While quantum reality can be probed through measurements, the Two-State Vector Formalism (TSVF) reveals a subtler reality prevailing between measurements. Under special preand post-selections, odd physical values emerge. This unusual picture calls for a deeper study. Instead of the common, wave-based picture of quantum mechanics, we suggest a new, particle-based perspective: Each particle possesses a definite location throughout its evolution, while some of its physical variables (characterized by deterministic operators, some of which obey nonlocal equations of motion) are carried by "mirage particles" accounting for its unique behavior. Within the time interval between pre- and post-selection, the particle gives rise to a horde of such mirage particles, of which some can be negative. What appears to be "no-particle", known to give rise to interaction-free measurement, is in fact a self-canceling pair of positive and negative mirage particles, which can be momentarily split and cancel out again. Feasible experiments can give empirical evidence for these fleeting phenomena. In this respect, the Heisenberg ontology is shown to be conceptually advantageous compared to the Schrödinger picture. We review several recent advances, discuss their foundational significance and point out possible directions for future research.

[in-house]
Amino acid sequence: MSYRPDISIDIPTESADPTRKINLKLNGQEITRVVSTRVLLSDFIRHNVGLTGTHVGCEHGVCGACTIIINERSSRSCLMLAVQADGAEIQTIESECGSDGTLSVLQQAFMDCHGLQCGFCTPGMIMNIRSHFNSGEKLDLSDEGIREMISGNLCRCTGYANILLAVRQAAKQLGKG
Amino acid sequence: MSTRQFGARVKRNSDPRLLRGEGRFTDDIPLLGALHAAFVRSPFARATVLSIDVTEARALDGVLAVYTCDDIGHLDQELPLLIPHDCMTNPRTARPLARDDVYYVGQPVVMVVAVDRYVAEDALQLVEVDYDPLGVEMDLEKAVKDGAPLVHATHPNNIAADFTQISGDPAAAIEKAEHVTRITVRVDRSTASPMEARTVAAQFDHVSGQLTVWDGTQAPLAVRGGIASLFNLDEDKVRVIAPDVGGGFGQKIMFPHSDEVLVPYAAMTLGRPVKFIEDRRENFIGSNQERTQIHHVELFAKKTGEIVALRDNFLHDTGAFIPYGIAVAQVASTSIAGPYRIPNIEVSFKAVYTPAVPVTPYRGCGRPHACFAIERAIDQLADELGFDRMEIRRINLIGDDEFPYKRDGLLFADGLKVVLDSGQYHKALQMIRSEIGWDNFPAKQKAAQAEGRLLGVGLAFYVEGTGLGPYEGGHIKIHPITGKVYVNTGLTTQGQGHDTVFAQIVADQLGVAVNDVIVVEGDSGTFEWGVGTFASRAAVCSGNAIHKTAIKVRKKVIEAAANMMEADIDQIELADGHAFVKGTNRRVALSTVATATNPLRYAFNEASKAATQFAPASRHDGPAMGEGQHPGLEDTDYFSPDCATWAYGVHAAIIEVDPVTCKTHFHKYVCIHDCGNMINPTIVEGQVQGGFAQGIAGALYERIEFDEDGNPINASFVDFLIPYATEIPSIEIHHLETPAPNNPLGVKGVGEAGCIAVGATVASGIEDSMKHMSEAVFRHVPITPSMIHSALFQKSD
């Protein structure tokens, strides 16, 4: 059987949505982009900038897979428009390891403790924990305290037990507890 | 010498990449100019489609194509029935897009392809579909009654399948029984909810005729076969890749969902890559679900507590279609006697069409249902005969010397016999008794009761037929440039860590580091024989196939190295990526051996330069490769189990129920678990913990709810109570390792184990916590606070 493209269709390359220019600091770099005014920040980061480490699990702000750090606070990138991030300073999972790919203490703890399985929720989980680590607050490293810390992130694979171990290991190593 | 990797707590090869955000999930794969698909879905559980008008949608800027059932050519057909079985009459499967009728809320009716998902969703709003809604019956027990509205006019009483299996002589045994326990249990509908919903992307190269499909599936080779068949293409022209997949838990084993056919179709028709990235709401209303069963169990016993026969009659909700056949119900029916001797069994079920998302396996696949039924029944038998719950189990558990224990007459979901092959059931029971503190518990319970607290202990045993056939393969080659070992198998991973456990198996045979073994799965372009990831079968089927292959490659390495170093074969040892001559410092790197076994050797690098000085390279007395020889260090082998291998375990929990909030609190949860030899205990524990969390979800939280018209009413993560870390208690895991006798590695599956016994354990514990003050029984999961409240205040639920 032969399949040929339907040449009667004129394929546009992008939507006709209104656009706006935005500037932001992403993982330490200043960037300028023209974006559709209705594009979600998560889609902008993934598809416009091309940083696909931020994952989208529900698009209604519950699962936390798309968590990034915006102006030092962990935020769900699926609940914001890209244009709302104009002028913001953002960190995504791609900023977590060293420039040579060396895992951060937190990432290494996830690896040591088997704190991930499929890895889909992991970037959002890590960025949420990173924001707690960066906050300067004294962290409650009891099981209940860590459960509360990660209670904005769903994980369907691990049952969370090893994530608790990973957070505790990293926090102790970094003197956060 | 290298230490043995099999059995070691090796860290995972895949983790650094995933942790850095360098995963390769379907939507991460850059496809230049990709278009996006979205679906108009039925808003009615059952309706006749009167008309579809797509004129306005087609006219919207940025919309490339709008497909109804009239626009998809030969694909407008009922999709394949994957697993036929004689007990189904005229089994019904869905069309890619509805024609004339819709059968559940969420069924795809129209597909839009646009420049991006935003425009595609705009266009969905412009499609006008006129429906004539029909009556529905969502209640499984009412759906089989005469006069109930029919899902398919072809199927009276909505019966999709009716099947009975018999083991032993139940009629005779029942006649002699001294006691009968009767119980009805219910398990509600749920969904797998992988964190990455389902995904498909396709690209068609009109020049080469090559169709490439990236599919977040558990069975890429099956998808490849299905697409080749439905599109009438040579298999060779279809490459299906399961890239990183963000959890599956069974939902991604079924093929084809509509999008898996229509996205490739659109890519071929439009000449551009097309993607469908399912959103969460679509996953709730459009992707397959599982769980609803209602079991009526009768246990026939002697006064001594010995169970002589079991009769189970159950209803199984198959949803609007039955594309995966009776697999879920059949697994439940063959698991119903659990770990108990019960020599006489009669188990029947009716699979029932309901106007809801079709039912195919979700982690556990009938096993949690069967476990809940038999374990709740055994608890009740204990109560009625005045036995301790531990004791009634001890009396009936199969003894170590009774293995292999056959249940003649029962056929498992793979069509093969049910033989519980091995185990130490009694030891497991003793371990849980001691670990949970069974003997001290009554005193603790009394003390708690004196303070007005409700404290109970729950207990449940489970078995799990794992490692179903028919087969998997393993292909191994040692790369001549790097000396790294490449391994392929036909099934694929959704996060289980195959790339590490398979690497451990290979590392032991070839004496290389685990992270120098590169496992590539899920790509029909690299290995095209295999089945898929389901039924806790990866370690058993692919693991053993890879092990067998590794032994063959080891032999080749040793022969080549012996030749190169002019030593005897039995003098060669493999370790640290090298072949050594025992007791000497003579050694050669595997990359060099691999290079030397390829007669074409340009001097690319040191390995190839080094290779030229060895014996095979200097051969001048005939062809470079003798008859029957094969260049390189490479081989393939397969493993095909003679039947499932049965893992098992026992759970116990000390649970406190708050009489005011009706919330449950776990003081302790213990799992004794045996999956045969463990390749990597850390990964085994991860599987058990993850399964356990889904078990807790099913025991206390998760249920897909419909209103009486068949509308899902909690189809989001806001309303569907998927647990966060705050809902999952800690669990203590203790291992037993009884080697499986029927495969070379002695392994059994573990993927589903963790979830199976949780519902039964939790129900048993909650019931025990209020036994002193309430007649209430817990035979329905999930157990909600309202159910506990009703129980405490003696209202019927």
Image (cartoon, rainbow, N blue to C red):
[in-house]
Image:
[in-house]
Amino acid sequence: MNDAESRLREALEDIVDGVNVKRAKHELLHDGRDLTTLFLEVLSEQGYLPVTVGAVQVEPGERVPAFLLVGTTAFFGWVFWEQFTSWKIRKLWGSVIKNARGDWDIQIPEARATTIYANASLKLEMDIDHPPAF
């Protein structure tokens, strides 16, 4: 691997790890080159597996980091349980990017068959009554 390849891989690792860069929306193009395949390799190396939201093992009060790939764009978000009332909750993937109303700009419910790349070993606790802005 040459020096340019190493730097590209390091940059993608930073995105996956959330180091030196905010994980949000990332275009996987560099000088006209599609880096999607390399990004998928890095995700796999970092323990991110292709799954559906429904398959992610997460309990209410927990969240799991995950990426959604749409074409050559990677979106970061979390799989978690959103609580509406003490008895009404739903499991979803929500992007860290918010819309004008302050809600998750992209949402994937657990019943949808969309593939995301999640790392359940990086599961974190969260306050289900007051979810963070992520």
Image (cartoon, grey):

- Delayed measurements
- Foundations of quantum mechanics
- Interaction-free measurements
- Time (a)symmetry
- Two-State Vector Formalism
- Weak measurements